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The best bit is that 'terrrorist attack' is not on the list. Neither is 'killed in military action'. One would have thought that given the fact that the US is currently spending some 1 trillion dollars on the combination of the two topics, that they would at least get mentioned.


Seems to be some sort of area chart, where the area denotes the chance of death. I think the trajectory and overlap contain no meaning.. cant really make out. I'm also missing out the point that the chart is making. Like you said, its pretty unreadable.


The spiralling pattern and overlapping bubbles are a great case of misdirection. After reading the chart I thought I smelled a rat, and looking at the data table in the NSC article confirms it. For example, ICD X45, "alcohol poisoning" with an estimated rate of 1/10,048 plotted, while ICD X41, "narcotic overdose" with an estimated rate of 1/406 (comparable to "firearm assault") not plotted. What was the motivation of the plotter in choosing the causes depicted?

I also wonder why only one year's data was tablated, when up to 5 years worth is readily available at the CDC's WISQARS site at http://webapp.cdc.gov/sasweb/ncipc/leadcaus10.html - overall this is pretty, but pretty superficial and biased.

Jorge Camoes

I am not sure if everyone agrees, but I see this as an infograph, not a chart. In this sense, I usually expect an aesthetic experience and not only a rigorous display of data. Basic rules should apply, but I don't mind to exchange that aesthetic experience for a bit more cognitive processing. In work-related visualizations I like pleasant displays but not at expense of efficiency or cognitive processing time.

Jon Peltier

Jorge's right, this is an infographic, with different aesthetics. The circles spiraling around in decreasing order of size is part of that aesthetic. A technical chart would use columns (a pareto chart) or markers (a dot plot) with values decreasing in a linear patter from left to right or top to bottom. The big red outline shows where 100% is on this scale.


Oops! The "narcotic overdoses" are actually ICD X42: "Accidental poisoning by and exposure to narcotics and psychodysleptics [hallucinogens], not elsewhere classified."

Another odd omission: the 762 bicycling fatalities of 2003 rate a spot on the chart, while the 15,658 HIV fatalities (see WISQARS) don't. What's up with that?

Daniel Staal

The spiral and placement of the bubbles look to be purely asthetic, and I don't particularly mind that.

The overlap though is a problem. It takes me a moment to realize it is't meaningful, when I _expect_ it to be. (And, in a couple of cases, it could be.)

I think a pie chart would have been more readable, and almost as nice to look at.

Charles Franklin

There was a similar spiral graph in Sunday's New York Times Magazine here:
javascript:pop_me_up2('http://www.nytimes.com/imagepages/2007/02/14/magazine/18wwlnessay.graphic.ready.html', '595_1039', 'width=595,height=1039,location=no,scrollbars=yes,toolbars=no,resizable=yes')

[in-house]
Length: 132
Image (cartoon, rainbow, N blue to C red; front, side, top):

If that link doesn't work try the link here and click on the "multimedia" link in the left hand column:


Seeing two spirals used in three days makes me wonder about the attraction. One graphical reason might be space on the page. But neither works well as a statistical presentation.


And, to me, the spiral is backwards. If 100% is the largest circle (red curve), then shouldn't the next largest circle be closest to it, spiralling in towards the center of the circle, smaller and smaller?

IB a Math Teacher

The red curve is an arc whose (apparent) area is five times that of area of dying of a heart attack (100% to 20%).

I realize that these probabilities are all conditional...if I don't swim the chances I'll drown are less than people who spend lots of days on the lake.

...But the probability of dying by legal execution?


IB: good observation. It's worse than you think. According to the article: "The odds given below are statistical averages over the whole U.S. population and do not necessarily reflect the chances of death for a particular person from a particular external cause." I take this to mean they are not conditional but rather expected values. In that sense, it's correct for no one.

I also take objection to the inclusion of the 1 in 1 chance of dying line. It's a cute addition but really does not help in interpreting any of the odds. If you tell me the odds of dying from fire or smoke is 1 in 1113, telling me further that I can compare it to 1 in 1 really adds nothing to my understanding.


Forgive my naïveté, but it seems to me the categorical options don't even come close to adding up to 1. So the biggest question I'm left with after viewing this chart is, how do the other half die?

IB a Math Teacher


Not sure, but I'm estimating that the probability of a person with cancer dying by stroke after severing body parts in a motor vehicle accident (the darkish, darkish, lightish, green area) is approximately 1/43.


This may be obvious, but the graphic is not what chances an individual has of dying a certain way, but rather if one looks at a single death with no other context, what the probability is that the cause of death was that specific event type.

In other words, it's descriptive only for the total US population. Once you get more specific, I'm sure the statistics can veer off wildly in many directions.

For example I would think (hope) that the chance most people would be killed by a legal execution approaches zero.

I enjoyed the graphic as an aesthetic experience, but I agree the construction is confusing - especially the overlapping of causes.

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